To the best of our knowledge, this is the first reported case of the successful ablation of NSVT originating from the outlet septum via the transcaval approach in a patient with a DORV after an EC-Fontan operation. Multiple PVCs were completely eliminated by ablating the site of distinct prepotentials on the aortic side of the outlet septum, suggesting the existence of preferential conduction. Thus, in such cases, it is important to study the patient’s anatomy, conduction system, mechanism of the arrhythmia, and strategic approach, as well as prepare the required equipment.
Key Teaching Points
The outlet septum could be one of the origins of the ventricular arrhythmias in Fontan patient.
Look for the early discrete potentials in outflow ventricular arrhythmias in tough cases.
A transconduit approach is effective in extracardiac Fontan patients.
We are grateful to Hiroko Asakai for carefully proofreading the manuscript. We would like to thank enago (www.enago.jp) for the English-language editing.
Appendix. Supplementary data
Factors associated with long-term mortality after Fontan procedures: a systematic review.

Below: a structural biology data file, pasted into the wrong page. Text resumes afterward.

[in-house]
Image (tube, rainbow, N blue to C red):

In this issue of Heart Rhythm Case Reports, Mori and colleagues1 present a case in which multiform ventricular ectopy was successfully ablated from the remnant of outflow tract septum in an adolescent with complex congenital heart disease. As the authors demonstrate with multimodality imaging and hand illustration, the ectopic focus was within the bar of muscle above a large ventricular septal defect and between the paired outflows in this patient with heterotaxy syndrome, double-outlet right ventricle, and prior single-ventricle palliation including surgical amalgamation of the proximal aorta and pulmonary artery (the Damus-Kaye-Stansel operation) and total cavopulmonary connection (the extracardiac conduit Fontan operation).